I had the idea to write a piece called, in reference to a baroque form based on repetition, Chaconne for Bassoon and Piano: or, Is This Wood Pigeon Ever Going to Go Away? (I may yet write this piece.) And suddenly, as soon as I thought of turning my annoyance into music, I was back. I could think again, could feel, could engage with my surroundings: perhaps I could even appreciate and create art again. Because in wrenching my attention away from my unsettled brain and the newsfeed, this wood pigeon reminded me to attend to the world around me. Pandemic or no, the shared garden outside my window is home to a kaleidoscopically varied wealth of life: not just the insistent wood pigeon, but also the joyfully melodic blackbird, the tiny but mighty wren, the carefree blue tit, the marauding flocks of lesser black-backed gulls. I may be complaining about the persistence of the wood pigeon’s call, but it was this very persistence that brought me out of my own head and back to the world.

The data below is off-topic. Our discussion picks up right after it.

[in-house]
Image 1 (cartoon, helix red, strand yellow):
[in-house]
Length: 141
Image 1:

In a bit of well-timed good luck, I was asked to write a short lockdown-related commission for violinist Ruta Vitkauskaite by the organization Contemporary Music for All. I decided to transcribe the songs of the birds which came to our garden – not just the species, but the individual birds – and create a piece in which Ruta could record or loop multiple layers of birdsong and environmental sounds to create her own garden soundscape. As I listened, made recordings, and transcribed the songs, I began to relax into our bizarre time. I relearned how to appreciate what was still around me, rather than just mourn what wasn’t. I thought about past times when increased attentiveness to the natural world helped form who I am as a composer and a person: when I moved to Amsterdam in 1997 and heard a European blackbird for the first time; when I participated in workshops and collaborative projects with Canadian composer Murray Schafer and learned to make music outdoors working with rather than against the environment; when I followed my interest in Scottish folklore to the Outer Hebrides and heard grey seals howling in response to human singing; and my two wonderful residencies at MacDowell (2004 and 2012) when I was able to immerse myself in the natural rhythms of days and seasons, and let these permeate the rhythms of my own creativity. I began to feel like myself again.